Institute for War and Peace Reporting | Giving Voice, Driving Change
Armenian Ghosts Haunt Istanbul
Unable to find a job in his native Yerevan, 35-year-old Artur Serobyan left Armenia for Istanbul, together with his wife and four children. There he found work as a translator and, for two years, "lived in complete harmony with [his] Turkish neighbours".
"But then," Serobyan told the Aikakan Zhamanak newspaper in Yerevan, "everything changed. It was immediately after the US Congress began to discuss the question of recognising the 1915 genocide. No one actually said anything to me, but it soon became clear that I couldn't work there any more.
"In the end," he went on, "the Turkish police gave me 24 hours to leave the country. I had no choice but to return to Armenia."
Moves by the international community to officially recognise the massacre of 1.5 million Armenians by Ottoman troops in 1915 have sparked a bitter war of words between Ankara and Yerevan.
Many observers now fear that Turkey will retaliate by strengthening its economic sanctions against the former Soviet republic (the Turkish authorities closed the border with Armenia in 1991 as a gesture of support for Azerbaijan in the Nagorny Karabakh conflict).
These concerns come in sharp contrast to the initial euphoria with which Armenians greeted October's debate in Congress. And, although President Bill Clinton later postponed a final decision on the grounds that it could "harm the interests of American security in the Near East," European leaders were quick to take up the cause.
On November 8, the French Senate adopted a resolution recognising the disputed genocide by 164 votes to 40. Two days later, the head of the Armenian Church, Garegin the Second, visited Pope John Paul II in the Vatican to sign a communique which stated, "The genocide of the Armenians was the prologue for many of the atrocities which have been committed over the past century".
On November 15, the European Parliament demanded that Turkey enter into a dialogue with Armenia with a view to restoring diplomatic ties and abandoning its economic blockade. It also called on Turkey to publicly admit the 1915 genocide. Days later, the Italian government voted in favour of a similar resolution.
Turkey - which has consistently denied that the genocide ever took place - promptly launched a political offensive against Armenia.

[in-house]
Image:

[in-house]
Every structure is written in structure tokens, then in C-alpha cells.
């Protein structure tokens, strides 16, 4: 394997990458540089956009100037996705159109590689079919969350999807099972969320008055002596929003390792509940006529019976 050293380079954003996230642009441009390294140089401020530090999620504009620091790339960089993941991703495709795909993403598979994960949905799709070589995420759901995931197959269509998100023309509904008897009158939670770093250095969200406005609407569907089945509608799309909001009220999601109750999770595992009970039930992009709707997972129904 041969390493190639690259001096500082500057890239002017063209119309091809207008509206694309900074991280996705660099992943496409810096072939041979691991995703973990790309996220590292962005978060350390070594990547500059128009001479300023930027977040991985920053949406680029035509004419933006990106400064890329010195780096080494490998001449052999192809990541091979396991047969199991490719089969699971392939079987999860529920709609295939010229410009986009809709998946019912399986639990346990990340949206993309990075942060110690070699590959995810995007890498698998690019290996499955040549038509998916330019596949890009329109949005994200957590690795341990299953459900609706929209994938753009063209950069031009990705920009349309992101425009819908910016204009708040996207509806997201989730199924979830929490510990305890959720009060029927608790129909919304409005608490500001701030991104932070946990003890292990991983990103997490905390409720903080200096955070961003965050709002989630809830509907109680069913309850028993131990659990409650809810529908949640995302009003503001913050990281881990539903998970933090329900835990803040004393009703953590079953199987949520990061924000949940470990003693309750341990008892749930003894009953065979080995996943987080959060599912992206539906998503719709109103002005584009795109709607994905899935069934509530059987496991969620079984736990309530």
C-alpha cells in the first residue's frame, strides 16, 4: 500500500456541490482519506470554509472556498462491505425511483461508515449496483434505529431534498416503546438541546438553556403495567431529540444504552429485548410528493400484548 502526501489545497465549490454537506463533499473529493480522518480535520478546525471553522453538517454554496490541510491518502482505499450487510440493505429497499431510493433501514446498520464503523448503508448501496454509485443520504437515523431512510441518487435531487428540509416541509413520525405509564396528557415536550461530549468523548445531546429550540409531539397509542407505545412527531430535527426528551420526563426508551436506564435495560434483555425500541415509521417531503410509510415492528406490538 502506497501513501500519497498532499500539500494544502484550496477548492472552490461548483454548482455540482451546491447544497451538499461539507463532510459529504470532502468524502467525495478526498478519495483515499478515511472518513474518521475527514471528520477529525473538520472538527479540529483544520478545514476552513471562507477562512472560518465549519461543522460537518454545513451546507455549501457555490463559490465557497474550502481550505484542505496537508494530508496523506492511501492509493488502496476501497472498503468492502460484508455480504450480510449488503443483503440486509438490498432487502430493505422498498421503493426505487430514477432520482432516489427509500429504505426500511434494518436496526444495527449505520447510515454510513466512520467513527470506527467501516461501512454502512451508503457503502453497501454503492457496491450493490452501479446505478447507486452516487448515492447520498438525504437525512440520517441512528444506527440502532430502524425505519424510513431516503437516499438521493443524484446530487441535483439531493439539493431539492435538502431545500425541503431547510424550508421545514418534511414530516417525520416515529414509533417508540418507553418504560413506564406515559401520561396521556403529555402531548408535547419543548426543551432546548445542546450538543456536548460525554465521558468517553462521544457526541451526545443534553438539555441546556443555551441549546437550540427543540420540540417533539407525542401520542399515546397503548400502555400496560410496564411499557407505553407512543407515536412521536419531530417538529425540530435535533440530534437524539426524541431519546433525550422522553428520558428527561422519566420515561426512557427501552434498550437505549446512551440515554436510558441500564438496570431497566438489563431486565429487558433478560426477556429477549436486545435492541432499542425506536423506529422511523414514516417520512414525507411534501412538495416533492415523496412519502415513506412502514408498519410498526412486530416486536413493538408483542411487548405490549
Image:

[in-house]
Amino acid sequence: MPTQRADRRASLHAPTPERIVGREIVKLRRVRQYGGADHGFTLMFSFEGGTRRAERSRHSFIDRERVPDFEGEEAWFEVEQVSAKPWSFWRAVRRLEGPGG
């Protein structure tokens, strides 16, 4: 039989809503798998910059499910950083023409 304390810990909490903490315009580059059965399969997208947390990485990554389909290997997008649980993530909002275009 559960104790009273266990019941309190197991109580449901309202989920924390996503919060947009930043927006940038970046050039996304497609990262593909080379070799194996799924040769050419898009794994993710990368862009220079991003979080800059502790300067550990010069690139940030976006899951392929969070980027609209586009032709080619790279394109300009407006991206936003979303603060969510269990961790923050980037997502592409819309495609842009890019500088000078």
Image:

Hussein Dirioz, a spokesman for the Turkish foreign ministry, accused Armenian president Robert Kocharian of whipping up the international outcry, adding, "This kind of politics will do nothing to establish peace and stability in the region."
Kocharian countered the Turkish diplomat's attack in an interview on Armenian TV: "The international debate is merely a step aimed at normalising Turkish-Armenian relations. It is impossible to envisage a stable foundation for these relations without this question being resolved."
However, the president's political rivals in Yerevan have been quick to criticise Kocharian's handling of the situation. Alexander Arzumanian, former foreign minister and head of the Armenian National Movement, said, "Kocharian's actions mean that the likelihood of a rapprochement between Armenia and Turkey has become even more remote. Furthermore, it will be years before the consequences of his latest campaign are forgotten."
But Kocharian remains adamant. "In the past, Armenia was careful to avoid raising the genocide issue - and got nothing for its trouble," he said. "We still have no diplomatic relations and Turkey continues to impose its trade embargo. In fact, Turkey has simply left us with no alternative."
Many Armenian diplomats are convinced that international pressure will eventually force Turkey to change its position. Vardan Oskanian, head of the Armenian foreign ministry, told IWPR, "Recently, it has become clear that the representatives of the Turkish intelligentsia and the Turkish media have adopted a fairly bold stance over the genocide question, taking part in a number of international conferences and seminars on the subject.
"I believe that they are acting at the behest of the Turkish authorities who are eager to gauge the reaction of the international community."
The growing tension between the two countries has even cast a shadow over the sporting world. Last week, the French footballer Yuri Djorkaeff -- who makes no secret of his Armenian origins and his outspoken views on the genocide question - announced that he would not be taking part in a friendly match between Turkey and Armenia in Istanbul.
He privately told fellow player Emmanuel Petit that he had refused the invitation for political reasons - namely that he had received anonymous death threats from unnamed Turkish extremists.
Other members of the vast Armenian diaspora have been taking an active part in the international debate. Last week, Karo Armenian, head of the Armenian National Committee of America, stated, "The diaspora is delighted that the Armenian leadership has chosen to throw back the curtains on the issue of the 1915 genocide."
Meanwhile, Russia's Nezavisimaya Gazeta (Independent Newspaper) recently published an open letter entitled, "An appeal to the people of Western Armenia [the disputed territory in north-eastern Turkey] to sanction a government in exile". The authors of the letter called on Armenians living in Turkey to "demand compensation for material, moral and territorial losses and the right for the descendants of the western Armenians to return to their historical homeland."
Ara Tadevosian is director of Mediamax, an independent news agency based in Yerevan
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